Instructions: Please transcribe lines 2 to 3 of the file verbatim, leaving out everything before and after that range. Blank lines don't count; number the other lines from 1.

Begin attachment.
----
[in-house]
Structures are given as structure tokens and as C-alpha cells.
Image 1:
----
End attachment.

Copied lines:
Structures are given as structure tokens and as C-alpha cells.
Image 1: